If you’ve ever had to write a portable application in C, you’ve likely run into the same problem faced by countless other programmers: no matter how much you try to stick to a well-defined application programming interface (API), the program just doesn’t work the same on every platform.
While POSIX does a passable job of providing a portable API for most Unix and Unix-like platforms, POSIX either doesn’t exist on other operating systems or is so full of bugs as to be unusable. Moreover, POSIX isn’t always the best choice. Non-Unix platforms, such as Microsoft Windows, have their own APIs that are better mantained and perform better on that platform.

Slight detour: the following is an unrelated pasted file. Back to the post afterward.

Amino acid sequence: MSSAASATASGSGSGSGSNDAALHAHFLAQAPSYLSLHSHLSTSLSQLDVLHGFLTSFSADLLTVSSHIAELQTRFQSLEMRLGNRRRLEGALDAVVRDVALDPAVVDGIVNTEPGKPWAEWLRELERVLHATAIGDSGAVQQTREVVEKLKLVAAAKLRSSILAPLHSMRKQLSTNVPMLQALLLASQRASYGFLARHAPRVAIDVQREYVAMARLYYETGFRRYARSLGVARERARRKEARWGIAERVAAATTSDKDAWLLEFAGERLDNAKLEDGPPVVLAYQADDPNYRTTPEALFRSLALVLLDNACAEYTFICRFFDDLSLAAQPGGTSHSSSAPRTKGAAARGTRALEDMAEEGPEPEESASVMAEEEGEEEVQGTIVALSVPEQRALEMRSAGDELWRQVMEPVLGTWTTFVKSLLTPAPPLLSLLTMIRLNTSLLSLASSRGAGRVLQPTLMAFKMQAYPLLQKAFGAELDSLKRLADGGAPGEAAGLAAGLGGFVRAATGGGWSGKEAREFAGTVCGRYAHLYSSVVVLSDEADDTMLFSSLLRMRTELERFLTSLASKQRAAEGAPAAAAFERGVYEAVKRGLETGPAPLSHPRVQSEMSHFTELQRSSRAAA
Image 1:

So, to make something portable, you could write, rewrite, and tweak your code several times — at least so the code compiles on several platforms. Or, you can use the Apache Portable Runtime (http://apr.apache.org/) the same library that makes the ubiquitous Apache HTTP server portable. If it’s good enough for Apache, well, enough said.